- All of these cost increases are passed onto the client. Clients buy less solar at higher prices. This causes even lower close rates. Return to step 1 above.
To bring the impact of this vicious cycle home with a simplified example, it is not unusual in the U.S. that on a $30,000 solar sale, $7,500 may go to sales and marketing, with another $7,500 going to margin, which is really a rainy day fund to be used when business slows down (due to lack of results from sales and marketing). The CAC on the same 10kW system for an Australian project might be $1,000, with another $2,000 for margin.
Toss in the direct and indirect permit costs noted above, the operational inefficiencies created by booms and busts, and a few more pennies extra paid for getting boats from China across the Pacific with mods, inverters, and racking, and you’ll likely have a complete picture as to the difference in prices.
Why is American Solar Sales Not Improving?
I’m honestly not 100% sure why the U.S. hasn’t improved on its soft cost problem over time. I’m curious to hear your thoughts, but the whole space seems ripe for disruption. Here are my working guesses:
1) For political, geographical, and cultural reasons, I suspect that Americans are much more diverse in their attitudes toward solar and their ultimate reasons for choosing solar – probably much more diverse than other countries like Australia. With so much diversity, you can’t use the same script successfully with every client, which complicates the sales process.
As a result, successful sales consultants need to be taught how to be actual consultants, working to understand the individual client in front of them before trying to sell them a product. This is a skill that can be trained, but it requires a much greater investment of time and deliberate practice to train it than learning a script. Most solar companies don’t know where to start.
2) Most new solar sales consultants receive about as much training as the guy at the Verizon store selling you phones that cost $100 after rebates. Most solar companies hand someone some scripts, let them shadow a couple of proposals, and then push them into the deep end and hope they float. Naturally great sales people eventually become sales managers. They do their best to provide ongoing coaching, but don’t have a methodology or structured resources to refer their team to, so it’s largely one-off, as-needed, situational training (necessary, but not sufficient, nor efficient).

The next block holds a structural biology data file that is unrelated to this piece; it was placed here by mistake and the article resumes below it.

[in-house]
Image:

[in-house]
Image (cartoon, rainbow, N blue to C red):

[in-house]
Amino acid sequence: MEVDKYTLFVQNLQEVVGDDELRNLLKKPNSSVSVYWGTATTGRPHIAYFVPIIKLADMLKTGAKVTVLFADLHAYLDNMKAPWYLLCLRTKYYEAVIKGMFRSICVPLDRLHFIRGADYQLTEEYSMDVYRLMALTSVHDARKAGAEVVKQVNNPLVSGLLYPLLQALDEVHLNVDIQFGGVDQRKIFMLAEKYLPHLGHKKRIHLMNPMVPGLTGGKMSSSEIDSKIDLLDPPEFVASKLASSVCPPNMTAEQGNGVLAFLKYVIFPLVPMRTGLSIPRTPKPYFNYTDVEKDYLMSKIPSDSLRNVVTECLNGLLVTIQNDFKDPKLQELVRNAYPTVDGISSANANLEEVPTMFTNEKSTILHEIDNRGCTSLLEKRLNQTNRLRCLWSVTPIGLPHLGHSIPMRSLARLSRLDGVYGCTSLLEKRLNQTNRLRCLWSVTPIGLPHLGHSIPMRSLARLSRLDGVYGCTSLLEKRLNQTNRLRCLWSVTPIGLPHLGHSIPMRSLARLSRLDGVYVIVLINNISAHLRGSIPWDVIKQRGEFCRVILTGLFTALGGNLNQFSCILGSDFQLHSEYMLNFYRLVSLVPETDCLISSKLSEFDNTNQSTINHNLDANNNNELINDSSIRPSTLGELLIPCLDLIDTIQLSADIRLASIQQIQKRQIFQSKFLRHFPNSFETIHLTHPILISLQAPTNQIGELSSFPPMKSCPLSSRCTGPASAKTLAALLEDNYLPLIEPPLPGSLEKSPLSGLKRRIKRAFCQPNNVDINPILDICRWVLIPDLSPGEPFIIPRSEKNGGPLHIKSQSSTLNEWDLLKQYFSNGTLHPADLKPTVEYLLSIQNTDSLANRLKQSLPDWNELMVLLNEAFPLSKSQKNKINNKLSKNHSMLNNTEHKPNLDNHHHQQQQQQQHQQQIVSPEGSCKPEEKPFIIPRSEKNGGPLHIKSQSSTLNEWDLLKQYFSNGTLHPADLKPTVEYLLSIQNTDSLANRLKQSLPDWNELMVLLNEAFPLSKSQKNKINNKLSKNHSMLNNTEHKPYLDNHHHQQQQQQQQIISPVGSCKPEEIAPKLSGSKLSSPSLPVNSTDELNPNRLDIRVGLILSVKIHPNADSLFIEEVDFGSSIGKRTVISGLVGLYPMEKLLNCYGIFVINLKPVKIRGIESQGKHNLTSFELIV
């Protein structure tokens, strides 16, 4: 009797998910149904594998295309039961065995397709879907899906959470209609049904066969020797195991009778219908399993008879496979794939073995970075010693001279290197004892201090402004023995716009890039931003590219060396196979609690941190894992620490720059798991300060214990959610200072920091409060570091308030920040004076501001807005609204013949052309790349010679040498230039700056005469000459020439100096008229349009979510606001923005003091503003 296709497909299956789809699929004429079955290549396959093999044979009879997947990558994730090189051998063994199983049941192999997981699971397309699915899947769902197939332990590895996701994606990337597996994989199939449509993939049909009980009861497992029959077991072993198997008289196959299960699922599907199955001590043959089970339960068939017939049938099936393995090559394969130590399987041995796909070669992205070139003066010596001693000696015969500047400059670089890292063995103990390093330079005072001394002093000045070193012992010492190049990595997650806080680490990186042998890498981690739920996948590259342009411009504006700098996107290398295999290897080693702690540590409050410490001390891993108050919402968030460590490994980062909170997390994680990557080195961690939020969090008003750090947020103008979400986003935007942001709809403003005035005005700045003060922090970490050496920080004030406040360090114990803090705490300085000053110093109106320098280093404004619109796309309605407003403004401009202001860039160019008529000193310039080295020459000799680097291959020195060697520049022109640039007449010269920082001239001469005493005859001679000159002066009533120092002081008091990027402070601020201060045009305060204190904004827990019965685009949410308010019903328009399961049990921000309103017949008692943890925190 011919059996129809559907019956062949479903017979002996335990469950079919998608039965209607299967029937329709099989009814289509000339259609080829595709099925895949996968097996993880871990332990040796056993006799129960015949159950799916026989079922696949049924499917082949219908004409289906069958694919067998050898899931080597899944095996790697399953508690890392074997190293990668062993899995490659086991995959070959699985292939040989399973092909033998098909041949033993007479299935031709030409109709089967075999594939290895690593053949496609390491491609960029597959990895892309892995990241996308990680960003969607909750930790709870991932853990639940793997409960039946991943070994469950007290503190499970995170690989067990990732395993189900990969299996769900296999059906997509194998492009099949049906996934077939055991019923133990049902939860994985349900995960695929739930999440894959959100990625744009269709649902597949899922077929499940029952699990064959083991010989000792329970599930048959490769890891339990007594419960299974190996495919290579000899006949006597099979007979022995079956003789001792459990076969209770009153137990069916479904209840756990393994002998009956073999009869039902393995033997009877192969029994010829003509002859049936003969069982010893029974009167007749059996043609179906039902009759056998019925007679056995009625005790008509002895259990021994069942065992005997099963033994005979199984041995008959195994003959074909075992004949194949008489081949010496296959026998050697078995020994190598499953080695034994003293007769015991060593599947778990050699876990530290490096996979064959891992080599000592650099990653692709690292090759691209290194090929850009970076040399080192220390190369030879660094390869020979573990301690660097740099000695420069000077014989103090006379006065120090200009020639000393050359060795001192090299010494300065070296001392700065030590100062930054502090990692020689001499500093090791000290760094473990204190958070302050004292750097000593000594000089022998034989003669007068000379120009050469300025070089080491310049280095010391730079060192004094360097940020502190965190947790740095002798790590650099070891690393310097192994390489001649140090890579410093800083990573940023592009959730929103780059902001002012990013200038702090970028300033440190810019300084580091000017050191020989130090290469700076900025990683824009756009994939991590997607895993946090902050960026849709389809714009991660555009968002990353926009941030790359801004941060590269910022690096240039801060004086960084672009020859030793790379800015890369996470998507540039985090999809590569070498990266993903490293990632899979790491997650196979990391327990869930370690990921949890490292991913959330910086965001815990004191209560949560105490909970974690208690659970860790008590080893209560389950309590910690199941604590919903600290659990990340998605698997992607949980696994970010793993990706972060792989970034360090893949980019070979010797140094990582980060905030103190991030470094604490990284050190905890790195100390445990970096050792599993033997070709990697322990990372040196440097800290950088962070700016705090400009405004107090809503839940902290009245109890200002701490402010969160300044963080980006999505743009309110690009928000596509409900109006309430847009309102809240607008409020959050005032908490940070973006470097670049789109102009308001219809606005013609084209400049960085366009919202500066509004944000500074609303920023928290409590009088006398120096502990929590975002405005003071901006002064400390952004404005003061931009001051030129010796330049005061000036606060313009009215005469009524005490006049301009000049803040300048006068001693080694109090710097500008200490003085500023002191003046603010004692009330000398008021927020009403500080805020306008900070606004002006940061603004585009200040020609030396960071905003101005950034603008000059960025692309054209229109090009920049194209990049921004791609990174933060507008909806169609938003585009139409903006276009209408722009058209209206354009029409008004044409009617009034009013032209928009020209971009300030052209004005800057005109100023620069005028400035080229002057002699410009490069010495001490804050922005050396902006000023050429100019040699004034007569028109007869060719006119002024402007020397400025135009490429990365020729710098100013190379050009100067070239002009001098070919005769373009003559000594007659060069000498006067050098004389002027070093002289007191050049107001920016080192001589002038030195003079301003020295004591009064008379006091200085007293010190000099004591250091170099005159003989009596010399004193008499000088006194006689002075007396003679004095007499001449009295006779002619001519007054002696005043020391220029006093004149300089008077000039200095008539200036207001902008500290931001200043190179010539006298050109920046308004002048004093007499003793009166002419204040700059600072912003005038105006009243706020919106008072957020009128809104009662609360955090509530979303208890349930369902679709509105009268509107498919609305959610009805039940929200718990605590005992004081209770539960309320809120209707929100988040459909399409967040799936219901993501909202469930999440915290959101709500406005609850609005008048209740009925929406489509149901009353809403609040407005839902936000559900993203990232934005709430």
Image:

The Humble Solution: Actually Train Solar Sales
So, here’s where I start selling you something – after all of the above, it’s only fair to let me know if I suck at selling it! I promise to try to improve if so.
Despite huge opportunities, my view is that the solar industry has been stalling the last few years. We’re struggling to get big projects sited and interconnected and struggling to get small projects sold.
It seems like the small system sales problem should be the easier one to solve in the short-term. So I recently took a break from several years of working almost exclusively with companies focused on commercial and utility scale solar to return to my residential sales roots. I wanted to see if I could make a dent in the problem I’ve outlined above. To make progress, we have to get to the root of the soft cost issue. This involves solving two separate problems.
1) We have to find a method to generate consistent solar sales in what will probably always be an inconsistent market.
2) We have to build a sales education system that works for the average applicant for a sales position. (And yes, these are two separate problems. A great method you can’t teach anyone is not of much value).
The Psychology of Solar Sales on-demand course on Heatspring is the result of my initial stab at beginning to solve this six billion dollar problem. It’s based on the methodology I used many years ago when I was just starting out as a sales consultant in a very diverse part of the country (Southeastern Louisiana). By applying principles of psychology, many of which I learned as a undergraduate research assistant to Dr. Robert Cialdini, the world’s leading scholar in the Psychology of Persuasion, I lay out a step-by-step guide for getting to know the motivations of the individual client in front of you, finding out what drives them, and then connecting the dots to get to solar.
Using this methodology, I was personally able to maintain a 20%-50% close rate through several ups and downs in the market, which is much higher than your average solar sales consultant, and more in line with close rates in other industries. As a solar management consultant and coach, I’ve taught many clients about these principles over the years. They’ve been able to apply them with great success in many different business contexts. With this course, I’ve attempted to put the most important principles all in one place, and in an on-demand format, which allows them to be priced at a small fraction of the cost of a coaching and consulting package.
I don’t know if the course will cut your costs in half, Australia style, or if that’s even possible in our beautiful, majestic mess of a nation. What I do know is that despite all of the investment, innovation, and hype in the residential solar space, there’s a big, soft, elephant in the room. It’s time to innovate out of the real problem – America sucks at selling solar, and the climate may depend on us finding solutions.